“Let them be little”—it’s a hashtag I use on Instagram often enough, and it’s a sentiment I hear on Facebook. But when a friend wrote this in response to a post I’d written about involving my kids in the resistance against injustice, my gut told me, no. Sheltering children from reality at any cost doesn’t do them any good, and it is a mark of white privilege.
After all, parents of color can’t “let them be little” when it comes to teaching their kids how to deal with a police officer so they don’t end up shot. Undocumented parents can’t “let them be little” when it comes to preparing their American-born children in case parents are detained or deported by Immigration and Customs Enforcement (ICE) or police.
We live in a time where raising children to grow up and create the world we value is more important than ever. For me, that means raising socially conscious, compassionate and strong citizens.
The good and bad of “Let them be little”
“Let them be little”: I agree in many ways. My kids play and enjoy their tiny age. Their time is mostly unscheduled, giving them the freedom to wander a trail and spend an entire afternoon building a “nest” in the living room with every piece of clothing and pillow we own.
On its face, “let them be little” sounds like wonderful parenting. It’s protecting children from the pressures to grow up too fast and to take on more than their little shoulders can bear.
But “let them be little” shouldn’t be a cute refrain that justifies keeping our kids in a bubble.
My children—who are white, who live in an affluent area, who have educated and involved parents—have the privilege of not “needing” to be aware of the complicated issues facing our country and communities. Many African American children have to learn hard lessons about how to act when a police officer stops them or someone they’re with. Children of undocumented immigrants have to learn hard lessons about what to do if they come home to find out their parents have been arrested for coming to this country without papers. Children of same-sex parents have to learn the hard lessons about enduring hate because their parents do not fit a description of what love “should” look like.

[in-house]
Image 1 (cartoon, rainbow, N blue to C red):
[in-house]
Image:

If only we could let those children be little, too.
Balancing reality with the pursuit of justice
Pushing back against the “let them be little” refrain is scary. It’s hard to be honest with my kids about the injustices of the world, from homelessness to hunger. I want them to feel safe and secure.
I also face criticisms from other parents. They tell me I’m exposing Kiwi and Peeper to issues that are too grown-up, that I’m brainwashing them, that I’m ruining their innocence.
I want my daughters to grow up with the confidence that they can change the world and help shape it into the even more wonderful place it could be. Even if they don’t understand all the issues, and they shouldn’t at their age, I want them to know that their voice has value. I want them to see me and others fighting for what we believe in.
How to empower children to work for justice
We must be honest with our kids. Pretending won’t solve problems. And silence around tricky topics only teaches our children that they can’t ask us about thorny issues.
We must make activism relevant. A two-year-old won’t understand petitioning her congressperson to change a law, but she does understand giving her toys to children who don’t have any.
We must make social justice part of everyday conversation. When I roll down my window to give a spare wool cap or a baggie of snacks to someone experiencing homelessness, I talk to the girls about it. When Peeper asks if people really go to jail, I am honest with her. When we go to the grocery store, I express gratitude that we have enough money to buy ourselves food and a store nearby that stocks healthy ingredients for our meals.
We must cultivate compassion. Children who care about others and appreciate, not vilify, differences will grow into adults who will make a better world. Kids can invite a lonely classmate to play, carry a struggling worm to a soft patch of grass and apologize when they hurt someone’s feelings.
Finally, we must provide opportunities for our children to make a difference. One friend’s kids started a blanket and warm clothing drive for the homeless, but children’s action doesn’t have to be that involved. Your kids can craft cards for senior citizens, select school supplies for a new refugee arrival, paint a sign to welcome immigrants or help prepare a meal for families at a homeless shelter.
That way, we can “let them be little” and let them be powerful.